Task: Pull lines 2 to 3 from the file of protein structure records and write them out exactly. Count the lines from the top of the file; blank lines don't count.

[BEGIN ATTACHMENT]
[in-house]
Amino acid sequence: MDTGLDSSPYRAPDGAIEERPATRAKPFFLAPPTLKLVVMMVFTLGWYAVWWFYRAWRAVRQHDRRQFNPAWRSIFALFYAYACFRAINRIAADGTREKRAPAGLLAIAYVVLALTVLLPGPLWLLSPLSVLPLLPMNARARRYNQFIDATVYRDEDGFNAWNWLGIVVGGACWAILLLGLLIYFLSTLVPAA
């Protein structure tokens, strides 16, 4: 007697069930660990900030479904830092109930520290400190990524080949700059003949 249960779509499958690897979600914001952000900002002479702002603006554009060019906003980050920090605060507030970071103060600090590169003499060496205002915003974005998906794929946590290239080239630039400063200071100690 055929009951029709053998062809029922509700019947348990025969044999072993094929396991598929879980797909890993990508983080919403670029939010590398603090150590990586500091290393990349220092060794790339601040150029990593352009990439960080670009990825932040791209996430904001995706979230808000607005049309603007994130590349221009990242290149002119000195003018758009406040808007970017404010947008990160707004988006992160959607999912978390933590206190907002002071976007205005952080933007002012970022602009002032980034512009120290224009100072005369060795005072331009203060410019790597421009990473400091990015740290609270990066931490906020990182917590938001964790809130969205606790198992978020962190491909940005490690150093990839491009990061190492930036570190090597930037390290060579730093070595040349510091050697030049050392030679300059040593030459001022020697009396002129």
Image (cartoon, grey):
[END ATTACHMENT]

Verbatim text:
Amino acid sequence: MDTGLDSSPYRAPDGAIEERPATRAKPFFLAPPTLKLVVMMVFTLGWYAVWWFYRAWRAVRQHDRRQFNPAWRSIFALFYAYACFRAINRIAADGTREKRAPAGLLAIAYVVLALTVLLPGPLWLLSPLSVLPLLPMNARARRYNQFIDATVYRDEDGFNAWNWLGIVVGGACWAILLLGLLIYFLSTLVPAA
């Protein structure tokens, strides 16, 4: 007697069930660990900030479904830092109930520290400190990524080949700059003949 249960779509499958690897979600914001952000900002002479702002603006554009060019906003980050920090605060507030970071103060600090590169003499060496205002915003974005998906794929946590290239080239630039400063200071100690 055929009951029709053998062809029922509700019947348990025969044999072993094929396991598929879980797909890993990508983080919403670029939010590398603090150590990586500091290393990349220092060794790339601040150029990593352009990439960080670009990825932040791209996430904001995706979230808000607005049309603007994130590349221009990242290149002119000195003018758009406040808007970017404010947008990160707004988006992160959607999912978390933590206190907002002071976007205005952080933007002012970022602009002032980034512009120290224009100072005369060795005072331009203060410019790597421009990473400091990015740290609270990066931490906020990182917590938001964790809130969205606790198992978020962190491909940005490690150093990839491009990061190492930036570190090597930037390290060579730093070595040349510091050697030049050392030679300059040593030459001022020697009396002129």